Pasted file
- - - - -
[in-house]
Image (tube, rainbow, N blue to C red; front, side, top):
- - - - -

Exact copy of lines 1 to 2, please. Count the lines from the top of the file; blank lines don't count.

[in-house]
Image (tube, rainbow, N blue to C red; front, side, top):